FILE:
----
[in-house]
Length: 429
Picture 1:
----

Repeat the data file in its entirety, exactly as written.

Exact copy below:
[in-house]
Length: 429
Picture 1: